Rare Hollywood Gambles On Originality Pay Off With 'Frozen,' 'Lego Movie'

Feb 16 2014, 3:32pm CST | by

Frozen and The Lego Movie show the power of an original kids film.

Disney’s Frozen is on track to earn $1 billion. The film has now brought in $956 million at the global box office, making it the highest-earning non-sequel animated film of all time.  Meanwhile, The Lego Movie dominated the box office for a second week in a row this weekend. The film earned $48.8 million this weekend, according to Exhibitor Relations, making it the top-grossing movie of the year so far.

It’s no secret that a good kids film can be a huge money maker. The Toy Story franchise has earned $1.9 billion at the global box office. The five Shrek movies (including Puss in Boots) have brought in $3.5 billion.

What’s a big deal about Frozen and Lego is that both films were relative risks. Before Oscar nominations were announced, a billboard on Ventura Boulevard near my house was pushing Disney’s Monsters University, asking voters to nominate the film in several categories. Clearly, the folks at Disney saw the film as their best chance for a nod.

Cut to post-Oscar nominations (Monsters University failed to get a nomination) and that billboard is now pushing Frozen, which is up for Best Animated Film and Best Original Song for Let It Go.

Because Frozen was an original story without known characters, it was a risk. As a film lover (and as a parent), you desperately want studios to take these kinds of risks. While Monsters University was perfectly charming, there are few things better than going into a film with no idea how it is going to play out and then having your socks knocked off. My family saw Monsters University once. We’ve already seen Frozen three times (including one sing along showing).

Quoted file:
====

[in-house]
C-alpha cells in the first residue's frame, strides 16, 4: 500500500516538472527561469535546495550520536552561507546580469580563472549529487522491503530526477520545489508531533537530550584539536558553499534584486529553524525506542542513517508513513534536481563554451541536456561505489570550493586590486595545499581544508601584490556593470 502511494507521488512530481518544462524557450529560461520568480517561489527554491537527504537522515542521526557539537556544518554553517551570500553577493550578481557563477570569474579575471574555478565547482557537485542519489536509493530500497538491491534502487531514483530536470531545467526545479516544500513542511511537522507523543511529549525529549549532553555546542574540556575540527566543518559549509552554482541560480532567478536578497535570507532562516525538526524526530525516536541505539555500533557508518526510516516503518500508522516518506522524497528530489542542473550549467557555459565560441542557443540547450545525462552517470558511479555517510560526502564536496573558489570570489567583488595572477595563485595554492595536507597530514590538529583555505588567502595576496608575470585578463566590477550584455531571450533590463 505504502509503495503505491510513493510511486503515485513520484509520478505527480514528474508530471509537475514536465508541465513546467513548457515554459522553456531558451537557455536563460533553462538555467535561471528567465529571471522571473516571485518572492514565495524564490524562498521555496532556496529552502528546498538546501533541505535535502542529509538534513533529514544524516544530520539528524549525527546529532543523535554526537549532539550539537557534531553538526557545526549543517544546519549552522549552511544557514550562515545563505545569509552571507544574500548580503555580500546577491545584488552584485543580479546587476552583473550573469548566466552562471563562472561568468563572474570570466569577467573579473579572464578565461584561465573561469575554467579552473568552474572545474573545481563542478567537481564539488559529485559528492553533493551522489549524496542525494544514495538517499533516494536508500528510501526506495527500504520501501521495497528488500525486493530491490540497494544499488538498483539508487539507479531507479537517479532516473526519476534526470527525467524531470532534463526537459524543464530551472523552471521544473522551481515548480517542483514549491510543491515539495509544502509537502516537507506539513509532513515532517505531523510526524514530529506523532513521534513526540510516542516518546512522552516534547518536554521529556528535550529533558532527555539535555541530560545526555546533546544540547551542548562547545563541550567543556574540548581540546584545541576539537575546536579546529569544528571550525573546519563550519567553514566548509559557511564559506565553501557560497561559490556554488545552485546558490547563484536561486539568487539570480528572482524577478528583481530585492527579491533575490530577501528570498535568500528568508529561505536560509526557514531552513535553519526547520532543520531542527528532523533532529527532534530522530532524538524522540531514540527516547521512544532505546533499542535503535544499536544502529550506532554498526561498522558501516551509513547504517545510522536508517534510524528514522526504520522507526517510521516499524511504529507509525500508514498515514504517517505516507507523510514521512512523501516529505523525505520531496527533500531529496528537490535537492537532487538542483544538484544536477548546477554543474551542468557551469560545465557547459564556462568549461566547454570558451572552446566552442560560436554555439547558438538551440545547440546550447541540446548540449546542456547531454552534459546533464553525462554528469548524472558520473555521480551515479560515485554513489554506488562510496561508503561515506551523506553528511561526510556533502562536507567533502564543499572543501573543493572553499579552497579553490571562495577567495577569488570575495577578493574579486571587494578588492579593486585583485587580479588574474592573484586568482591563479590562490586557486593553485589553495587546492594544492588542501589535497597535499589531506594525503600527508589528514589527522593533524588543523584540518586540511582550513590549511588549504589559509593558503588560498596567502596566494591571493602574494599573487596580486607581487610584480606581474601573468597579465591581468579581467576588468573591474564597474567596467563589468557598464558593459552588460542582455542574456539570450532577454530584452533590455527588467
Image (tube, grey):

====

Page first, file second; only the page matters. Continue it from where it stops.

The same is true of The Lego Movie. As I wrote last week, the real lesson from The Lego Movie isn’t that audiences want more product integration. (At a basic level the film is a 90-minute ad for Legos.) It’s that in the hands of the right creative filmmakers, given freedom from the studio, any idea can lead to a really wonderful movie. Lines from The Lego Movie have already worked their way into my kids’ conversation. That’s saying a lot.

Hopefully, the success of these two films will encourage studios to be bold when coming up with new kids movies. This year we’ll get a sequel to How To Train Your Dragon and a another to Disney’s awful movie Planes.

But we’ll also get Big Hero 6 from Disney (based on a comic book) and Home from DreamWorks Animation. Hopefully, one of these films will be the next Frozen or the next Lego Movie. Hopefully the studios will be well rewarded at the box office for their originality.

Follow me on Twitter at DorothyatForbes.

Source: Forbes Business

 
 
 

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